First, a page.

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What Do Charles Darwin, Ulysses S. Grant, and Mardi Gras Have in common?

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Mardi Gras celebrations in Louisiana are almost always tinged with political and social satire. President Bush, Governor Jindal, even Britney Spears — these are just a few of the names that have inspired floats and costumes in recent years. In 1873, New Orleans’ famous Mystick Krewe of Comus took their inspiration from none other than British naturalist Charles Darwin, who had recently published On the Origin of Species, the controversial book in which Darwin presented his theory of natural selection.

Dressed as everything from mice to monkeys, the members of the krewe paraded through the streets of the city. A poem written in imitation of Alexander Pope’s Essay on Man was painted on transparencies and carried along by the revelers. The real butt of the joke, however, was the Republican Party, not Darwin. The city police force, which supported the GOP and its plan for reconstruction of the post-Civil War South, wasn’t amused. As the parade tried to cross Canal Street, the police ended it.

That didn’t prevent the publication of a small book to commemorate the event. Now part of the Irby C. Nichols Papers at the LSU Libraries and entitled The Missing Links to Darwin’s Origin of Species, the book contains more than a dozen cartoons of strange creatures, half man, half beast. Some of the characters are identifiable. Ulysses S. Grant, for example, has been crossed with a caterpillar and lounges on a leaf smoking a cigar. General Benjamin Butler, the despised commander of the Union army in New Orleans during the Civil War, is shown in another cartoon dining with a party of bears and hyenas. Members of the notoriously corrupt metropolitan police force are depicted throughout the book as slithering animals of every shape and size. Such men, the poem suggests, were fit subjects for Darwin’s investigations as well as proof that he was right — just look at the people who are running our city and there can be no doubt that men are indeed descended from apes.

Interested in the intersection of science and social history? Explore our catalog or contact us to find out more about what we have to offer.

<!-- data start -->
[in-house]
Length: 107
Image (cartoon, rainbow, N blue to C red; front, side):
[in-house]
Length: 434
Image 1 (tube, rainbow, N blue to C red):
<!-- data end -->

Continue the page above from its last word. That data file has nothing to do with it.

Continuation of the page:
Michael Taylor is Curator of Books, LSU Libraries’ Special Collections

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2019

Comeaux, Dave;  Emily Frank; and Mike Waugh. “Supporting Student Success: E-books as Course Materials,” CODEX: Journal of the Louisiana Chapter of the ACRL. Volume 5, Issue 2 (Fall/Winter 2019).

O’Neill, Brittany; and  Allen LeBlanc. “Evaluating Trends in Instruction Scheduling Management: A Survey of Louisiana’s Academic Libraries,” CODEX: Journal of the Louisiana Chapter of the ACRL. Volume 5, Issue 2 (Fall/Winter 2019).

Ziegler, Scott; and Cara Key. “More Than a Pretty Interface: The Louisiana Digital Library as a Data Hub,” CODEX: Journal of the Louisiana Chapter of the ACRL. Volume 5, Issue 2 (Fall/Winter 2019).

2018

Hebert, Andrea. “Information Literacy Skills of First-Year Library and Information Science Graduate Students: An Exploratory Study,” Evidence Based Library and Information Practice Volume 13, Issue 3 (September 2018).

Miller, Marty. “Sacred vs. Profane in The Great War: A Neutral’s Indictment: Louis Raemaekers’s Use of Religious Imagery in Adoration of the Magi and Our Lady of Antwerp.” Catholic Library World, vol. 89, no. 1, Sept. 2018, pp. 20–32.

Wilder, Stanley. “Delayed Retirements and the Youth Movement among ARL Library Professionals,” Research Library Issues, no. 295 (2018).

Wilder, Stanley. “Hiring and Staffing Trends in ARL Libraries,” Research Library Issues, no. 295 (2018).

Wilder, Stanley. “Selected Demographic Trends in the ARL Professional Population,” Research Library Issues, no. 295 (2018).

Ziegler, Scott; and Richard Shrake. “PAL: Toward a Recommendation System for Manuscripts,” Information Technology and Libraries, Vol. 37, No. 3 (2018).

2017

Caminita, C.; Cook, M.; and Paster, A. (2017). Thirty years of preserving, discovering, and accessing U.S. agricultural information: Past progress and current challenges. Library Trends, 65(3), 293-315.

Dauterive, Sarah; John Bourgeois; and Sarah Simms. “How little is too little? An examination of information literacy instruction duration for freshmen.” Journal of Information Literacy, 11.1 (2017): 204-219.

Fontenot, Mitch; Emily Frank; and Andrea Hebert. “Going Where the Users Are: Three Variations on a Theme,” Louisiana Libraries, Fall 2017.

Hawk, Amanda K. “Highflying Crowdfunding: Creating a Successful Partnership with a Campus Donor,” Archival Outlook, July/August 2017: 12-13, 19. https://www.bluetoad.com/publication/?i=422988.

Hebert, Andrea; and Marty Miller. (2017). Using FSA-OWI photographs to teach information and visual literacy. Louisiana Libraries, 79(3), 19–25.

Johnson, Hayley. “#NoDAPL: Social Media, Empowerment, and Civic Participation at Standing Rock,” Library Trends, Fall 2017.

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